Facebook’s New Colocation And Image Recognition Patents Tease The Future Of Sharing

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Facebook’s empire was built on photo tags and sharing, but it’s a grueling process many neglect. Luckily, new Facebook patents give it tech to continuously capture video whenever your camera is open, rank and surface the best images, and auto-tag them with people, places, and businesses. They tease a future where pattern, facial, and audio recognition identify what you’re seeing for easy sharing.

The patents are for Automatic Photo Capture Based on Social Components and Identity Recognition (’80), Preferred images from captured video sequence (’00), and Image selection from captured video sequence based on social components (’65). The were filed for in October 2011 and granted over the last two months to Facebook and its employees Andrew “Boz” Bosworth, David Garcia, and Soleio Cuervo (who now works at Dropbox).

The patents cover some colocation technologies similar to that of failed startup Color, who came out of stealth in March 2011 a few months before Facebook filed for the patents. That may be no coincidence, and Color’s ideas for using every available sensor on a phone to tell who someone is with may have inspired Facebook to brainstorm in the space. Soon after Color emerged from stealth, I called on Facebook to develop its own colocation technology to help it forge an “implicit social graph” of who you spend time with. What it came up with could redefine the way we share.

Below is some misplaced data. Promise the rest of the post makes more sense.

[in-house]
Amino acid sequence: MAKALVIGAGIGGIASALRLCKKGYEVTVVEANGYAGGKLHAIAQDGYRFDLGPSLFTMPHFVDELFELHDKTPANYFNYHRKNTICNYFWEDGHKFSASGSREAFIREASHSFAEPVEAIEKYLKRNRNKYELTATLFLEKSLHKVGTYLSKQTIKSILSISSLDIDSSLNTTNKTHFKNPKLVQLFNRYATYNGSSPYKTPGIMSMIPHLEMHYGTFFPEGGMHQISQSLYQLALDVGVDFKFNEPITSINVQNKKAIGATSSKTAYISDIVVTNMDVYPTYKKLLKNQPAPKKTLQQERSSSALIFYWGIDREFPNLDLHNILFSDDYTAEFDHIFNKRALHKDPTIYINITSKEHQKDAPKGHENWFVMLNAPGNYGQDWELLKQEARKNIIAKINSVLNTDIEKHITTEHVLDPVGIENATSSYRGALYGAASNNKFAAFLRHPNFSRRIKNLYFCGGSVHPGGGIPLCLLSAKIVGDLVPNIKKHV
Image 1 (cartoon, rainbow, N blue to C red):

Facebook Inventors

As we look at what the patents include, I’ll be referencing the last two digits of the patents number and their PDF page numbers so you can follow along.

Shooting Video While You Take Photos

The foundation of the patents is the idea that Facebook can capture video of everything you see in the viewfinder while you use the camera in its main smartphone apps or its standalone Camera app. It’s like an infinite “Zoe” video that some Android cameras take surrounding a photo:

“Although the camera function operates in a photo-capturing mode, the camera function may continuously capture video…Instead of the user capturing a photo by pressing a hardware (or software) button, [it] can automatically capture…one or more images relevant to the user from the real-time video being captured by the camera function {’80 p4}.”

“[the] user may capture a photo…Meanwhile, the camera function can continue to capture the real-time video {’65 p11}.”

Basically, Facebook could let you take traditional photos while dicing up continuously recorded video into still images. As camera lenses, storage capacity, and wireless connections improve, these images will increase in quality.

Knowing What You See

Media WheelWhat’s special is what Facebook could do with these videos and images. The patents describe the ability to scan the frames for important things like public figures via facial recognition, brands or products via image matching, and landmarks or businesses via pattern and text character recognition plus location:

“For example…a place (e.g., Eiffel Tower, Golden Gate Bridge, Yosemite National Park, Hollywood), a business or an organization (e.g., a coffee shop, San Francisco Giants), or a brand or product (e.g., Coca-Cola, Louis Vuitton)…The image selection process may tag one or more social networking objects identified in the selected frames to the stored video segment {’80 p5}.”